Next, we find the degree of influence of each factor on KPI; we also find variable *a* — the ground level of the modeled indicator, which would be preserved without any advertising (reminder: in our case, this indicator is the department store traffic):

As can be seen from the figure above, some factors (marked by light green color) had a negative effect on the traffic. It is not difficult to guess that this factor is seasonality.

We can also decompose the resulting graph and have a detailed examination of the effect of each factor on the department store traffic. For instance, the next graph illustrates the effect of various promotional activities inside the department store on the footfall:

It can be seen from the figure above shows that Promo 7 (pink colour) had the greatest positive effect on the traffic.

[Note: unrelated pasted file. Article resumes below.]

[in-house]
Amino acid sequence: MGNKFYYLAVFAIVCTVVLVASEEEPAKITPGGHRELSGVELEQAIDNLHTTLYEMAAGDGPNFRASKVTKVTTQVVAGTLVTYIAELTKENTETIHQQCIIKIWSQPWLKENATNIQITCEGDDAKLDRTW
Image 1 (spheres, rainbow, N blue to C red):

If we know advertising costs for each channel and the influence of each channel on KPI, we can calculate the approximate cost of one KPI item (in our case, of one visitor) for each channel, and thus optimize the media plan:

**Takeaway:**

Even the simplest machine learning mechanism which is the mathematical linear regression modeling allows us to use historical data on placements of advertising to model and forecast the influence of the same or similar advertising and marketing channels, as well as independent factors, such as seasonality, on KPIs of a business. In this article, we have given an example of how this methodology can be applied to assess the degree of influence of all possible factors on the shopping center traffic. As a result of modeling and media plan optimization, in the studied case, the average cost per visitor was reduced by 18%, which, given an advertising budget of $150 000 , saves 30 thousand dollars.